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Dangling and Misplaced Modifiers


If you’ve had problems with dangling modifiers in your writing, this will help you eliminate them. First, a brief explanation about English word order: The basic sentence pattern of a language is called syntax; in English, the basic pattern looks like this:

Mother—baked—a cake.
Ajdin—passed—the test.
Hildene—finished—her essay.

These basic, easy-to-understand sentences follow the normal English word order. If you want to add modifiers (adjectives or adverbs) to a sentence, you’ll normally place them in front of the word they modify. In the examples below, the modifiers are bolded:

Mother—carefully baked—a chocolate cake.
Ajdin—barely passed—the chemistry test.
Hildene—finally finished—her 12-page history essay.

When you write sentences, you rarely have problems putting adverbs and adjectives where they belong because you’re used to English word order. However, correctly putting verbal adjectives (participles) into your writing takes practice.

Verbal adjectives are made from a verb+an ending and show either present or past time. The present participle ends with -ing. The past participle usually ends with -ed or -en.


Remember that a verbal adjective—like any other adjective—comes as close as possible to the noun/pronoun it modifies. When your comp instructor marks a dangling or misplaced modifier, it means the verbal adjective /phrase has nothing to modify or is too far away from the word it modifies. As a result, sentences with dangling or misplaced modifiers frequently sound odd or amusing.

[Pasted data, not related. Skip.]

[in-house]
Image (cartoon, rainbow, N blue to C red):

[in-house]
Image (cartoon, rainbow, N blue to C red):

• Covered with a cream sauce, my husband loves spinach soufflé.

(Since we assume your husband isn’t covered with sauce, move the participle closer to the word it really modifies—spinach soufflé.)

  • My husband loves spinach soufflé covered with a cream sauce.
  • After cleaning my room, my dog wanted to take a walk.

(We know your dog didn’t clean your room, so rephrase the sentence to make clear who did the cleaning—I.)

  • After cleaning my room, I took my dog for a walk.
    or After I cleaned my room, my dog wanted to take a walk.

Using -ing and -ed participles enlivens your writing by making it more sophisticated. Try using them occasionally, but make sure the noun or pronoun doing the “action” of the participle is mentioned in your sentence: After cleaning my room, my dog wanted to take a walk.

In this example, ask yourself “who” cleaned the room. The person who “cleaned” is not mentioned at all in the sentence. Notice how the two revised versions above add the word “I” somewhere. This way, the verbal adjective has a word to modify and no longer dangles.

Besides the verbal adjective “dangler,” a misplaced modifier occurs when an adjective clause or phrase is too far from the word it modifies. Adjective clauses begin with words like who, whom, which, that and contain a subject and a verb. Adjective phrases begin with prepositions like into, on, at, for, with. In the sentences below, the adjective clause is italicized and the word it seems to modify is in bold italics:

  • We gave all the food to the cat that was left over.

(We’re pretty certain your cat wasn’t left over, so move the adjective clause close to the word it really modifies--food.)

  • We gave all the food that was left over to the cat.
  • Hai bought a rebuilt Mustang from a salesperson with a leaking radiator.

(If the salesperson didn’t have a leaking radiator, move the adjective phrase close to the word it really modifies—Mustang.)

  • Hai bought a rebuilt Mustang with a leaking radiator from a salesperson.
  • At the age of seven, my mother gave birth to my brother Durand.

(Here, prepositional phrases acting as adjectives tell the reader that your mother was seven years old when she gave birth a second time! Rephrase the sentence so that it makes sense.)

  • When I was seven years old, my mother gave birth to my brother Durand.
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